Four of the five subsea cables that connect Vietnam to the wider Internet are in need of repairs.

The cause of the damage to the cables in late January is not yet known, but state media blamed Internet service providers.

subsea cable
– Getty Images

Service and reliability have been greatly impacted, with only one subsea cable, SeaMeWe-3 (SMW3), reported to be operating to its full functionality.

Asia-Africa Europe 1 (AAE-1), Intra Asia (IA), Asia-America Gateway (AAG), and Asia Pacific Gateway (APG), are all experiencing problems, with the latter two completely offline.

This has led the general secretary of the Vietnam Internet Association (VIA) Vu The Binh to call for more subsea cables to connect the country, according to the local publication Vietnam Plus.

Binh has called for two to three new cables in the next five years to meet the growing demand.

According to VP, military-run provider Viettel is devising re-routing plans to help traffic on the remaining sea and land cables, while additional emergency capacity is being snapped up to maintain service quality.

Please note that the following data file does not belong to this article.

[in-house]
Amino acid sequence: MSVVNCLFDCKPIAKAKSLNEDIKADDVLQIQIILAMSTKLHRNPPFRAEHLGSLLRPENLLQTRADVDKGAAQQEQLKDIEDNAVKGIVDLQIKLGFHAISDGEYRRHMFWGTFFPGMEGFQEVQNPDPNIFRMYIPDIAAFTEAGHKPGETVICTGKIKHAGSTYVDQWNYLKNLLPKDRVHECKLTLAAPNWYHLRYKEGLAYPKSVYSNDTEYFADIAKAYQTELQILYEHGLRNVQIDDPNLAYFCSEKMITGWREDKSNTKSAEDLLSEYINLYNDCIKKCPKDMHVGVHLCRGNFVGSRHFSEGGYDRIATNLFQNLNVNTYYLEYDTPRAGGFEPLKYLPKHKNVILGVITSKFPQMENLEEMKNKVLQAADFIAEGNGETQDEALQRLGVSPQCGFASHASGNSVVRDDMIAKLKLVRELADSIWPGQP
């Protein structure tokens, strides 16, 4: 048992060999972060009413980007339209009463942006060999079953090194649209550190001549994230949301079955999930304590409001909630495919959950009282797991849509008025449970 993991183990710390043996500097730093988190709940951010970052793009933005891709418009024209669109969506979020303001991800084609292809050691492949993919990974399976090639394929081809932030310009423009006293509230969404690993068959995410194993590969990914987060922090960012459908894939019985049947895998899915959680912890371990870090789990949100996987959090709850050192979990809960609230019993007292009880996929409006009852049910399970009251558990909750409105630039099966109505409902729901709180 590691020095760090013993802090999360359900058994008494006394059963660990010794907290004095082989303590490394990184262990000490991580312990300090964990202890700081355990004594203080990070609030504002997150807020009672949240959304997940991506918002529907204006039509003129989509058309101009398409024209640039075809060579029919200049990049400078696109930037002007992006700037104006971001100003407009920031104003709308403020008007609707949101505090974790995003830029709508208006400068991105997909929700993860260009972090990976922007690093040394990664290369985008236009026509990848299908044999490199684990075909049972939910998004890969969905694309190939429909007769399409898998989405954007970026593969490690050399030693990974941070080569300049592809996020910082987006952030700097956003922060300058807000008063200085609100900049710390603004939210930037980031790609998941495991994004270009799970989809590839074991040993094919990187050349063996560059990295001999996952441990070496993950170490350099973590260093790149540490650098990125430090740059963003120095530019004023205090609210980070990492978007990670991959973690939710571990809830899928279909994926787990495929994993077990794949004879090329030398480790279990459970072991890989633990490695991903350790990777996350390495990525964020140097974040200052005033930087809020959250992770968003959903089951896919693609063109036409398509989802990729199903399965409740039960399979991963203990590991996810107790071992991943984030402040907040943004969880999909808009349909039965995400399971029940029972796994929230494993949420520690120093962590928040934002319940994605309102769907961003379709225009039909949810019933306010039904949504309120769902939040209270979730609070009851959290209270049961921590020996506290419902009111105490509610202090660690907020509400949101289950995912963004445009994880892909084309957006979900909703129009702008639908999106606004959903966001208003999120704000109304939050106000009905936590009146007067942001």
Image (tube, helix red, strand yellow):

Weighing in on the discussion, a spokesperson for Vietnam Posts and Telecommunications Group (VNPT) labeled the incident as an unfortunate “force majeure.”

Vietnam is set to be connected by two more subsea cables soon, with the Southeast Asia-Japan Cable 2 (SJC2) and the Asia Direct Cable (ADC) expected to be operational in 2024 and 2023 respectively, per TeleGeography's subsea cable map.

The one fully functional subsea cable, SMW3, which stretches 39,000km from Western Europe to as far east as Australia, is set to be decommissioned soon.

Get a roundup of the latest regional news across Asia fortnightly